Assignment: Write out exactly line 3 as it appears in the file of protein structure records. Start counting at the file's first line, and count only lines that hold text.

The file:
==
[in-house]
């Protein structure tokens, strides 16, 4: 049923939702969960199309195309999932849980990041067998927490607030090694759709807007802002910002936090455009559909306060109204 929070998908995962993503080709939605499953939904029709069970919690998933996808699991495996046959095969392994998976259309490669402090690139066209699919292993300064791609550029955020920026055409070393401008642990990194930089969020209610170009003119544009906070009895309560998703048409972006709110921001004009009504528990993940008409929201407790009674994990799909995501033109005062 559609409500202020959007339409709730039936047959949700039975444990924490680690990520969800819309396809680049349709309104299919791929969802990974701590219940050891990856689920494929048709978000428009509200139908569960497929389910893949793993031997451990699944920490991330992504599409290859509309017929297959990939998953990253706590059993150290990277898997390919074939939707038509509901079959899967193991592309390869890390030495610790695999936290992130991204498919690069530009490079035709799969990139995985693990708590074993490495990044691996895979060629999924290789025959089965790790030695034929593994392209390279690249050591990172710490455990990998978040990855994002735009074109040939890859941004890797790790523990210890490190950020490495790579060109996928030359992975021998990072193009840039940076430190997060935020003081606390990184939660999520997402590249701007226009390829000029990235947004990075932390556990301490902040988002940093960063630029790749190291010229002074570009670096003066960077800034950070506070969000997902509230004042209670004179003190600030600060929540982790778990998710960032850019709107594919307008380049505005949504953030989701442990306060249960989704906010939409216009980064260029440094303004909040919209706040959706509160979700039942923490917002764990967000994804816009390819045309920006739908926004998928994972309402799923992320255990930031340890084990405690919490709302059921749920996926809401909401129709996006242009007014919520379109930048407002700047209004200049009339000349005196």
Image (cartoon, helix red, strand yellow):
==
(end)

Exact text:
Image (cartoon, helix red, strand yellow):